How to Form a More Perfect European Banking Union
AbstractThe evolving plan for a European banking union falls short of the ideal of an "ever closer union." In fact, the plan's focus on national resolution authorities and funds for insolvent financial institutions, a minimal euro area financing backstop, and costs imposed on creditors of failed banks, could lead to a looser, weaker, and more fragmented banking system. Some aspects of the plan of European leaders will improve the system's soundness, but other aspects could dampen lending in the near term and reduce economic growth. Ubide urges policymakers to focus on making the banking union stronger and more coherent. Troubled banks supervised by the European Central Bank should be covered by a European resolution authority and a European resolution fund to oversee bankruptcy, restructuring, and other reforms. To produce a more united, solid, and stable euro area, the European plan has to lower national barriers to banking, not raise them.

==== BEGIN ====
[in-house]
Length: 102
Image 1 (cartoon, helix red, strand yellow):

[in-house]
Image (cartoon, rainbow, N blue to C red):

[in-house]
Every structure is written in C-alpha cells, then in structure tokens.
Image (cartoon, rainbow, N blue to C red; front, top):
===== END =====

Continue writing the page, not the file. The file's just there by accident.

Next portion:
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Bibliographic InfoPaper provided by Peterson Institute for International Economics in its series Policy Briefs with number PB13-23.
Date of creation: Oct 2013
Date of revision:
This paper has been announced in the following NEP Reports:
- NEP-ALL-2013-11-22 (All new papers)
- NEP-CBA-2013-11-22 (Central Banking)
- NEP-EEC-2013-11-22 (European Economics)
- NEP-HME-2013-11-22 (Heterodox Microeconomics)
- NEP-MON-2013-11-22 (Monetary Economics)
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- Gary B. Gorton & Stefan Lewellen & Andrew Metrick, 2012.
"The Safe-Asset Share,"
NBER Working Papers
17777, National Bureau of Economic Research, Inc.
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